How Do You Know When To Quit?
Unless you’ve been under a rock this last week, you’ve probably either watched the video about Susan Boyle on Britain’s Got Talent, or you’ve heard about the Internet phenomenon she’s become. For those of you who haven’t seen the version with the interview prior to her singing, I give you this link and I want you to pay particular attention to what she says at 38 seconds into the interview:
Go, now, and watch. You won’t regret it, I promise.
At 38 seconds, Susan Boyle says to the camera that she’s going to “make that audience rock.” Now, if you haven’t just gone to see that video, and you hadn’t seen it before, here’s what the fuss is about: Susan is a 47-year-old woman who tells the judges (including Simon Cowell) that she wants to sing like Elaine Paige, whom some sites refer to as the “first lady of British Musical Theater.”
But even before that point, the audience has already written her off. She tells Simon she’s 47 when he asks, and when he rolls his eyes, she jokes and does a sort-of hip-waggle, saying, “And that’s only one side of me.” It’s nerves, probably, that has her acting a big dingy there, but it’s hard to tell for sure, and she comes across as clownish. Everyone in that audience, at that point, has written her off. Tell the truth—when you see her at that point, you’ve written her off. After all, she’s this frumpy, middle-aged, gray-haired woman. She’s not dressed in the latest fashion (though she is wearing a nice dress), she’s not slim, she’s not blonde, she’s not what you think of as a winner of these types of shows. She sure as hell doesn’t “look” like someone who could sing as beautifully as Elaine Paige. And in that moment, I think most people would agree with Simon’s eye-roll.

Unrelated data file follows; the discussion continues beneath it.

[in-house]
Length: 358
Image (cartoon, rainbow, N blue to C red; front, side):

When Simon questions her, asking her what is her dream, she answers, “To become a professional singer.” He asks her why she hasn’t, and she simply says, “I’ve never been given the chance before, but here’s hoping that’ll change.” While she’s talking, the camera cuts to the audience where a young woman rolls her eyes. When Susan mentions Paige’s name as a singer she’d aspire to sing as well as, there is obvious snickering in the audience, and shots of women arching their eyebrows in disbelief. Some are obviously waiting for the train wreck this poor Susan Boyle is going to be, and some look as if they’re cringing for her, hating that she’s about to go through the public flogging of a failure.
She explains she’s going to sing “I Dreamed a Dream” from Les Miserables.
The music starts, everyone waits for the disaster, and she hits that first note and bam, she has you. By the second or third word, the audience is applauding and the judges are floored. Utterly floored. Not half-way through the song, not two stanzas… by the second line of the song. The audience gets to its feet on that second line, and she does indeed make that audience rock. In the middle of the song, when she sings the rising lyric and her voice soars, the entire place goes nuts. 4000 people in that audience, and they are blown away.
Here was a woman who had gotten one small shot ten years earlier, who’d participated in a charity CD (singing Cry Me A River), where her talent was obvious to anyone with ears, but she hadn’t “made it” yet. She’d been taking care of elderly parents, she lived in a very small community, and she is (or was) unemployed. That singing on that charity CD shows she had talent, but talent, alone, won’t always win out. Timing, opportunity, are the other key ingredients. And you don’t get opportunities if you don’t keep trying.
She stood in front of that audience, hearing their skepticism, seeing the giggles, and then rocked the song anyway.
I want to tell you about another person who did something quieter, who stunned me and made such a huge impact, I’ll never forget it. It was one of the very best motivational moments in any conference I’d ever attended, and I asked her permission to relay it here.